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    Nothing McCain says should surprise anyone. Yesterday on C-Span he said of appointing justices to the Supreme Court that his criterion would be strict adherence to the Constitution. This from a senator who ignored Senator Byrd's warning to the senate in October 2002 that if they voted for giving Bush a blank check to go to war on Iraq they would be failing in their responsibilities to the Constitution. Which is what McCain did when he voted for the war.

  • Bill Jones (unverified)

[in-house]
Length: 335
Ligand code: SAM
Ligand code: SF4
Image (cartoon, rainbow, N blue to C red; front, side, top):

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    Can anyone show me the peer reviewed paper that proves CO2 causes serious warming at current levels?

    Thanks JK

  • Jeff (unverified)
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    Why would McCain take such a stance? Very few Republicans even believe there is such a thing as a "Greenhouse Effect". In fact, I'd be willing to bet very few Republicans even believe in the existence of Carbon Dioxide.

  • Miles (unverified)
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    I think McCain's ad on global warming is very effective. He has positioned himself right in the middle, criticizing the naysayers on one side (Hi JK!) and those in favor of "excessive" regulations that will harm our economy on the other. I think that's exactly where the majority of American voters are.